In an internal meeting, Galea said their Chinese counterparts were “talking openly and consistently” about human-to-human transmission, and that there was a debate about whether or not this was sustained. Galea reported to colleagues in Geneva and Manila that China’s key request to WHO was for help “in communicating this to the public, without causing panic.”
On Jan. 22, WHO convened an independent committee to determine whether to declare a global health emergency. After two inconclusive meetings where experts were split, they decided against it — even as Chinese officials ordered Wuhan sealed in the biggest quarantine in history. The next day, WHO chief Tedros publicly described the spread of the new coronavirus in China as “limited.”
For days, China didn’t release much detailed data, even as its case count exploded. Beijing city officials were alarmed enough to consider locking down the capital, according to a medical expert with direct knowledge of the matter.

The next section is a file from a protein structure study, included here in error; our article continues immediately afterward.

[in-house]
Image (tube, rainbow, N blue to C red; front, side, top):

On Jan. 28, Tedros and top experts, including Ryan, made an extraordinary trip to Beijing to meet President Xi and other senior Chinese officials. It is highly unusual for WHO’s director-general to directly intervene in the practicalities of outbreak investigations. Tedros’ staffers had prepared a list of requests for information.
“It could all happen and the floodgates open, or there’s no communication,” Grein said in an internal meeting while his boss was in Beijing. “We’ll see.”
At the end of Tedros’ trip, WHO announced China had agreed to accept an international team of experts. In a press briefing on Jan. 29, Tedros heaped praise on China, calling its level of commitment “incredible.”
The next day, WHO finally declared an international health emergency. Once again, Tedros thanked China, saying nothing about the earlier lack of cooperation.
“We should have actually expressed our respect and gratitude to China for what it’s doing,” Tedros said. “It has already done incredible things to limit the transmission of the virus to other countries.”